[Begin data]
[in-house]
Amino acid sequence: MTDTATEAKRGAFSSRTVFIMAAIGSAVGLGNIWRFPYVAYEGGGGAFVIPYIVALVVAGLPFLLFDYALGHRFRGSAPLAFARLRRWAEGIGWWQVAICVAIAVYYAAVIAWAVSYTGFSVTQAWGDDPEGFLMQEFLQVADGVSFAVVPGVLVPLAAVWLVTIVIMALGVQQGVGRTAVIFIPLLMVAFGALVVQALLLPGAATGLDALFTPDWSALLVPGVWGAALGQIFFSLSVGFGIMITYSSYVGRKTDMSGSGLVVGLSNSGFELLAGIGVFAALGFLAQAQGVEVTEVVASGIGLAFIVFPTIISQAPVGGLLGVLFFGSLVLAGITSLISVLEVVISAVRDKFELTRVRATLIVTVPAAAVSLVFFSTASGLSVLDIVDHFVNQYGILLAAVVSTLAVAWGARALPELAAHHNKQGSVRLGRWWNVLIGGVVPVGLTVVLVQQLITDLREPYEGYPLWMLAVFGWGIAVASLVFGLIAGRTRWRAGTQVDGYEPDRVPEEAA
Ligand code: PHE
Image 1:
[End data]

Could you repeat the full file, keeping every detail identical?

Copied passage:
[in-house]
Amino acid sequence: MTDTATEAKRGAFSSRTVFIMAAIGSAVGLGNIWRFPYVAYEGGGGAFVIPYIVALVVAGLPFLLFDYALGHRFRGSAPLAFARLRRWAEGIGWWQVAICVAIAVYYAAVIAWAVSYTGFSVTQAWGDDPEGFLMQEFLQVADGVSFAVVPGVLVPLAAVWLVTIVIMALGVQQGVGRTAVIFIPLLMVAFGALVVQALLLPGAATGLDALFTPDWSALLVPGVWGAALGQIFFSLSVGFGIMITYSSYVGRKTDMSGSGLVVGLSNSGFELLAGIGVFAALGFLAQAQGVEVTEVVASGIGLAFIVFPTIISQAPVGGLLGVLFFGSLVLAGITSLISVLEVVISAVRDKFELTRVRATLIVTVPAAAVSLVFFSTASGLSVLDIVDHFVNQYGILLAAVVSTLAVAWGARALPELAAHHNKQGSVRLGRWWNVLIGGVVPVGLTVVLVQQLITDLREPYEGYPLWMLAVFGWGIAVASLVFGLIAGRTRWRAGTQVDGYEPDRVPEEAA
Ligand code: PHE
Image 1: